8. J Control Release. 2022 Feb 04. pii: S0168-3659(22)00067-0. [Epub ahead of print]
      The field of drug delivery has made tremendous advances in increasing the therapeutic potential of a variety of drug candidates spanning from small molecules to large molecular biologics such as nucleic acids, proteins, etc. Extracellular vesicles (EVs) are mediators of intercellular communication and carry a rich cocktail of innate cargo including lipids, proteins and nucleic acids. EVs are being developed as a promising class of natural, cell-derived carriers for drug delivery. EVs of particle diameters <200 nm are referred to as small EVs (sEVs) and medium-to-larger particles of diameters >200 nm are referred to as m/lEVs. The m/lEVs naturally incorporate mitochondria during their biogenesis. In this Oration, I will discuss the potential of m/lEVs as carriers for the delivery of healthy and functional mitochondria. Mitochondrial damage and dysfunction play a causal role in multiple pathologies such as neurodegenerative diseases, cardiovascular and metabolic diseases-suggesting that m/lEV-mediated mitochondria delivery can be of broad biomedical significance. A major advantage of harnessing m/lEVs is that the delivered mitochondria are capable of using endogenous mechanisms for repairing the cellular damage. I will highlight the delivery potential of m/lEVs based on the studies we have conducted so far and discuss unaddressed issues towards their development as a novel class of mitochondria carriers.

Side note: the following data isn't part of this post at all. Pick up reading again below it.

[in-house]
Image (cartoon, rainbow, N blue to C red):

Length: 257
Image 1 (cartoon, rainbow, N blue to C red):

Keywords:  Blood-brain barrier; Medium-to-large extracellular vesicles (m/lEVs); Mitochondria delivery; Neurodegenerative diseases; Stroke
  9. J Proteomics. 2022 Feb 03. pii: S1874-3919(22)00032-X. [Epub ahead of print] 104509